Law and order in London in the late nineteenth century

L aw and order was at a low standard during the nineteenth century this was mainly down to the reason that there had been barely any change since he middle ages. The population also increased in Britain and therefore the crime rate also increased as a result to all the crimes and murders people were becoming irritated by the police force therefore a more sufficient police force is needed to be set up. Crimes had increased vastly in Britain through the nineteenth century due to wide range of reasons.

Poverty I believe was one of the main reasons because an increase in poverty is an increase in time. The population of Britain was also on the increase this also affected the crime rate because with more people around there is more of a competition between people to gain a job and those that are left out resolve to community crimes to put food on the table. During the eighteenth hundred and eighteenth fifty risks of protesting were becoming very common. Rioting was obviously disturbing the peace and therefore this was classified as a crime and as a result had pushed the crime rate up even higher.

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Many types of crimes have been committed, pickpockiting was without a doubt the most common across Britain. Pickpockets have been around for centuries but the overcrowded streets of major cities such as London gave pickpockets new and greater opportunities. Special events such as hangings gave rich picking and as it brought over 200,000 people. This crime is a minor crime but on a scale of this size should be taken seriously. A more unusual crime began to occur which was grotting.

A grotter was someone who half strangled their victim so he was easier to rob. A few grottings happened but it took an attack on Hugh Pickington who was a Member of Parliament to be taken seriously by the police. Murders were being committed as they were in the past, present and will occur in the future but the only difference was that the police force did not have the benefit of the technology that we acquire today. Two reform criminal there were a wide range of punishments given out. The most notorious punishment was public executions.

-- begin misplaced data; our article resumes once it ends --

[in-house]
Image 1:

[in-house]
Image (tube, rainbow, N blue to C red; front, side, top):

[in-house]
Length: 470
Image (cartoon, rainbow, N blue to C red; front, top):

The prisoner at first would face an angry mob of people who would pelt rotten fruit at the dammed. This took place by strangling the victim. Public executions became very popular as they drew in crowds of over 200,000 people but along with them came prostitutes, armed robbers and pickpockets. Public executions were stopped in 1868 as too many people saw it as being inhumane and were no longer a punishment for criminals. Imprisonments as a result was used more often after executions were banned. This was used because it was considered as a humane way to punishing criminals.

Before the late nineteenth century prisons were consisted of hard labour, the cells were damp and the prisoners were not looked after very well and were regularly beaten. Later the prisoners became regularly inspected and inmates also had access to doctors. Smaller punishments such as fines and whippings were also used to reform a criminal who committed a major crime. Robert peel form bury was the man behind the metropolitan police force he created this new police force in 1819 because he believed the methods being used to maintain peace were ineffective.

The police force consisted of 3,200 men. There were 17 divisions each with four inspectors and 144 constables. These 17 groups’ patrolled different areas of London. The police officers wore uniforms they were long dark blue over coats. At the begging they also used to wear tall hats but then changed them for helmets in 1870. Truncheons were carried to protect the public and themselves from attacks. There were many problems at first for the metropolitan police force. Many of the early recruits were unsuitable for their jobs because they were often drunk or bribed by criminals.

The rich along with the poor hated the new police force. They often suffered violent attacks some people even drove their coaches straight at the police on the traffic patrol duty just to state they didn’t like men in uniforms. The Cold Bath Fields incident clearly shows the police were not liked. At first a police man was stabbed to death which shows how they were disliked and then for the judge to give the verdict of the man being not guilty is disgusting in my opinion.

This verdict shows that even the judicial system wasn’t even on the police side at that time. Later after all the rebellious behaviour had stopped Londoners gradually began to realise that the police force were having an effect on the level of crime. This was an important key facto force if they wanted any chance to win the public over. Even though Even though they were making the streets of London safer the rest of Britain was at risk as the criminals in London left for other cities were they found it easier to commit crimes.

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